But, this dichotomy exists throughout Marx's approach to machines. Machines dehumanise workers, and yet provide the basis to become truly human; machines cause unemployment, but promote employment; machines lead to lower wages, but higher living standards; machines increase relative surplus value, but destroy profits; machines increase wealth but reduce value. In fact, this last point is essential to understanding Marx's theory of overproduction of capital.

The idea that machines are both dehumanising, and yet create the potential, for the first-time, to become truly human, is the subject of Paul Mason's new book. In it, he proposes the idea that we are already entering an era that he describes as “post-capitalism”. Its an unfortunate label, because it is the one chosen by Ralf Dahrendorf and others at the LSE, under Hayek, to describe the convergence of systems in Eastern Europe, and under monopoly capitalism, whereby the market and profit motive was being replaced by planning, and where the role of the capitalist was being replaced by a new class, or bureaucratic-collectivist caste of professional managers, technocrats and administrators.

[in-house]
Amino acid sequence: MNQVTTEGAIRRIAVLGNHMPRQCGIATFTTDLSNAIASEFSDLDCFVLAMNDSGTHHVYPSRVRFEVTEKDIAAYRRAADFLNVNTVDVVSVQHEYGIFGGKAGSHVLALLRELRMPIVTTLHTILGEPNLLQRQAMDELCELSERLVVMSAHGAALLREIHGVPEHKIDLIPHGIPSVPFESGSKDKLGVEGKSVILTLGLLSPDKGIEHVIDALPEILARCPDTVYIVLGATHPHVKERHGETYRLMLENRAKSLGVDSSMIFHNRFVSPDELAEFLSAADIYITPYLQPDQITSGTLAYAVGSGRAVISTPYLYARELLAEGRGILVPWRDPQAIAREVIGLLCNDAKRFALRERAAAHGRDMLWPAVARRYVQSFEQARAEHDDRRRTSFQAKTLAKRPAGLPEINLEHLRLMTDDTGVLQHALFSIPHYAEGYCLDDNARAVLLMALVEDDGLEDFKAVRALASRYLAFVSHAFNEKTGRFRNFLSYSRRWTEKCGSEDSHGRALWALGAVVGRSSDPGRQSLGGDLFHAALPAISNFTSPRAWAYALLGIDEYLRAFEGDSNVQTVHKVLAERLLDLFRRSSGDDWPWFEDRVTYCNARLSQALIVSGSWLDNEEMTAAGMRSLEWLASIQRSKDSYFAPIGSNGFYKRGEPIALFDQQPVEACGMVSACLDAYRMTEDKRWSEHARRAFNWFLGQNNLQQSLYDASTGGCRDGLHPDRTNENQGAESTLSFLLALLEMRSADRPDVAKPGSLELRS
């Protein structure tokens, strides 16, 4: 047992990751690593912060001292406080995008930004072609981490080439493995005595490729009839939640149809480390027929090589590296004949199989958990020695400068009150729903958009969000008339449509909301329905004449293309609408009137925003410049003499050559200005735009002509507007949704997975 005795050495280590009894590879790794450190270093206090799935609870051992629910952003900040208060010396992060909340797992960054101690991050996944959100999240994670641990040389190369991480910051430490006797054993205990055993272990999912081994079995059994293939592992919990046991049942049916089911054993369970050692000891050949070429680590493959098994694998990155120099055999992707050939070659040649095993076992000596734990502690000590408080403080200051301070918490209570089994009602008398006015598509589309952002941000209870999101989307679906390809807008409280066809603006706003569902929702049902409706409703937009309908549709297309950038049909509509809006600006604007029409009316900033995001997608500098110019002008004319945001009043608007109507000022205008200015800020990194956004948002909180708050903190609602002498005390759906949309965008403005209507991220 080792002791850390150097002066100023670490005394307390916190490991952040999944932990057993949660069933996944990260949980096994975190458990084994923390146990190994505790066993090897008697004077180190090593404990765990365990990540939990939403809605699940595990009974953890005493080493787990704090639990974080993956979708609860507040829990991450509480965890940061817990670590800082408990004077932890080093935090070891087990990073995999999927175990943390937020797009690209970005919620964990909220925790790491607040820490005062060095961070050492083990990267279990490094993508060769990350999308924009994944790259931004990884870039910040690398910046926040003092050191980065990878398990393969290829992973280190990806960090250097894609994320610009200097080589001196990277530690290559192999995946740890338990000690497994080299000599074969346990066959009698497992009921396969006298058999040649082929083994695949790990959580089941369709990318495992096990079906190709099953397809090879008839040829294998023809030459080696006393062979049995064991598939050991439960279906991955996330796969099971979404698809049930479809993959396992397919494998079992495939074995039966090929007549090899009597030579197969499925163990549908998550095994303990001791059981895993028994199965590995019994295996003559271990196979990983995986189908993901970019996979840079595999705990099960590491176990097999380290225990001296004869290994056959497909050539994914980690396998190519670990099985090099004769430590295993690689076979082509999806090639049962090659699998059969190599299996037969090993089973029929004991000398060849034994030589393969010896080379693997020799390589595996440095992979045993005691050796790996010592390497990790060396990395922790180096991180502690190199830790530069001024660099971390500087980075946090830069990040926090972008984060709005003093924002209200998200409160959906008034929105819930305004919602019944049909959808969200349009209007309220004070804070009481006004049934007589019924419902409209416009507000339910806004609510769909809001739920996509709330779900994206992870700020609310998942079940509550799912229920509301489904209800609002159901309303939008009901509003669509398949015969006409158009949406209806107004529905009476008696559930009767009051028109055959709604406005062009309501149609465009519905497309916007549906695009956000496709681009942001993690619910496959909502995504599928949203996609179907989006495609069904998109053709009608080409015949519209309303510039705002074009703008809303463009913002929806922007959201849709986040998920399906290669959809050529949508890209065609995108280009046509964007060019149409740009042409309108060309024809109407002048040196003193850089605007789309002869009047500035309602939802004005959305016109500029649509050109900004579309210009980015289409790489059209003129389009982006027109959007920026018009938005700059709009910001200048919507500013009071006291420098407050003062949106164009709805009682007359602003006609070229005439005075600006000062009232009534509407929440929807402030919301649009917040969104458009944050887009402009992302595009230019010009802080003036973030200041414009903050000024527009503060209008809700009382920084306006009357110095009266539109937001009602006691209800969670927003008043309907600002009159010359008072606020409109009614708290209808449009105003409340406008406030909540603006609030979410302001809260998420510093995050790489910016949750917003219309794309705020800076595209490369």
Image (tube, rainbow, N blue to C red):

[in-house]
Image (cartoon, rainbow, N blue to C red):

As with most such theories, it mistook a range of superficial appearances and similarities for genuine identities, and thereby failed to analyse the underlying realities, and fundamental differences.